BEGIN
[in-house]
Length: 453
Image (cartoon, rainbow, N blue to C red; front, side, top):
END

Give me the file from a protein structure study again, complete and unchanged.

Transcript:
[in-house]
Length: 453
Image (cartoon, rainbow, N blue to C red; front, side, top):